USA Texas 

A Guide to Houston

It was General Samuel Houston who defeated the Mexicans in 1836 and declared the independent Republic of Texas, the emblem of which was the lone star, still depicted in the State’s flag.

Houston rose out of a swamp in 1836 to become the biggest city in Texas and the 4th largest in the nation after the discovery of oil. A shipping channel connected it to the Gulf of Mexico, resulting in the city becoming an important port. Houston wasn’t built to any plan, so it is a fairly chaotic, straggling city of skyscrapers, but a major petrochemical producer. The only way to get around this city is to drive as there is no public transport. But be warned - street names and directions change often, so, together with heavy traffic, this is no easy task! The vibrant Montrose District, full of multi-cultural galleries, shops, restaurants, cafés and nightclubs is one of the few places where one can walk around.

‘Mission Control Houston’ was established by NASA in 1962 at the Space Center to oversee all manned space explorations since 1965, including the historic missions to the moon. Open to the public, the Space Center allows visitors to try on space helmets, touch moon rocks, look into the Mercury, Gemini and Apollo spaceships. Fly a shuttle or land on the moon with the help of computer simulations!

Houston invested its wealth in art. The Museum of Fine Arts in Bissonnet Street is one of the largest in the US. Its exhibits include such diverse treasures as Greek and Roman antiquities, Wild West sculptures and, in the Beck Building, European art from the late 19th - early 20th centuries, including paintings by Manet, Renoir, Pissaro amongst others.

A branch of the Museum of Fine Arts, Bayou Bend, the former pink stucco mansion of Ima Hogg, oil heiress and benefactor, is filled with beautiful furniture, textiles, ceramics, portraits and, the pièce de résistance, a sugar bowl made by Paul Revere, colonial hero and brilliant gold- and silversmith who also made church bells and cannons. The exquisite formal public gardens surrounding the mansion are a breath of fresh air in a busy city.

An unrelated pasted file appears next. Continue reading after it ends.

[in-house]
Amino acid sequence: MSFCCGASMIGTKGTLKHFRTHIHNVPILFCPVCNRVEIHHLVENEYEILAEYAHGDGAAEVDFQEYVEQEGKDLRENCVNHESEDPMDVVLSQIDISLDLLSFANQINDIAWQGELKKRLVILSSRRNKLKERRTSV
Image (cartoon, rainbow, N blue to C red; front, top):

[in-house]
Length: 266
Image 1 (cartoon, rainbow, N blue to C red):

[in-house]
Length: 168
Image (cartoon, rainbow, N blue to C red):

The Menil Collection is another gem in Houston’s crown. Donated by the philanthropic de Menil family, it occupies a modern building designed by Italian architect Renzo Piano. Surrealist paintings, including those of Rene Magritte and Max Ernst, and Cubist paintings by Picasso and Braque, together with works by Jackson Pollock, Jasper Johns and other renowned 20th century American artists, feature here. Exhibits of Mediterranean ancient and medieval art, and the works of native peoples from Africa, the South Pacific and the Pacific Northwest region of the country, are shown in separate galleries. Two blocks away the Byzantine Fresco Chapel Museum contains the Western Hemisphere’s only frescoes.

If you are able to find your way out of Houston, visit the San Jacinto monument 21 miles south-east of downtown. The 605-ft slim tower, one of the highest in the world and topped with a huge lone star, marks the site of the final battle for independence in 1836. From the base which houses a museum, stunning views of the vast plains stretch to far horizons giving the sightseer a sense of the great expanse that is Texas.
 
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